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Gen. James Longstreet born Jan. 8 1821


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James Longstreet


Born in Edgefield District, South Carolina, January 8, 1821, the son of a farmer, Longstreet spent his early years in Augusta, Georgia. On the death of his father he went with his mother to Somerville, Alabama. Corps commander James Longstreet made three mistakes that have denied him his deserved place in Southern posterity: He argued with Lee at Gettysburg, he was right, and he became a Republican. He entered West Point from Alabama, graduated in 1842, and was wounded at Chapultepec in Mexico. With two brevets and the staff rank of major he resigned his commission on June 1, 1861, and joined the Confederacy.


His assignments included: brigadier general, CSA June 17, 1861); commanding brigade (in 1st Corps after July 20), Army of the Potomac July 2 - October 7, 186 1); major general, CSA (October 7, 1861); commanding division, Ist Corps, Army of the Potomac (October 14-22, 1861); commanding division (in Potomac District until March 1862), Department of Northern Virginia (October 22, 1861 - July 1862); commanding lst Corps, Army of Northern Virginia July 1862 - February 25, 1863; May - September 9, 1863; April 12 - May 6, 1864; and October 19, 1864-April 9, 1865); lieutenant general, CSA (October 9, 1862); commanding Department of Virginia and North Carolina (February 25-May 1863); commanding his corps, Army of Tennessee (September 19-November 5, 1863); and commanding Department of East Tennessee (November 5, 1863-April 12, 1864).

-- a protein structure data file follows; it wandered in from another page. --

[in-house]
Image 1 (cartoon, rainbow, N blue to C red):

Commanding a brigade, he fought at Blackburn's Ford and lst Bull Run before moving up to divisional leadership for the Peninsula Campaign. There he saw further action at Yorktown, Williamsburg, Seven Pines, and the Seven Days. In the final days of the latter he also directed A.P. Hill's men. Commanding what was variously styled a "wing," "command," or "corps," the latter not being legally recognized until October 1862, he proved to be a capable subordinate to Lee at 2nd Bull Run, where he delivered a crushing attack, South Mountain, Antietam, and Fredericksburg.



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This on-line edition of Lieutenant-General James Longstreet's memoirs is based directly on the 1912 second edition published by Lippincott, Philadelphia. General Longstreet, who began the American Civil War in New Mexico, served with great distinction throughout the course of the conflict. His chief claim to fame was as commander of the Confederate Army's First Corps, which in its various incarnations fought through most of the major wartime campaigns.

After the war, a clique of former Confederate officers began blaming General Longstreet for the army's defeat at Gettysburg. The most vocal instigators behind this slur campaign engaged in a great deal of partisan sniping at General Longstreet. It should be noted that this was done after General Lee's death — when Lee could no longer gainsay the critics — and after many of these people had begun careers in the Senate and Congress. Below is offered an item from Lee's post-war correspondence which leaves no doubt about his opinion of Longstreet:

"You must remember me very kindly to Mrs. Longstreet and all your children. I have not had an opportunity yet to return the compliment she paid me. I had, while in Richmond, a great many inquiries after you, and learned that you intended commencing business in New Orleans. If you become as good a merchant as you were a soldier, I shall be content. No one will then excel you, and no one can wish you more success and more happiness than I. My interest and affection for you will never cease, and my prayers are always offered for your prosperity."
Robert E. Lee, January 19, 1866.

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